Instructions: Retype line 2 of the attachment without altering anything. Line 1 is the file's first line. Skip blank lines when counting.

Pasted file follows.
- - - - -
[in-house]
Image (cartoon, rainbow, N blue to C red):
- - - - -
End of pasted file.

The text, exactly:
Image (cartoon, rainbow, N blue to C red):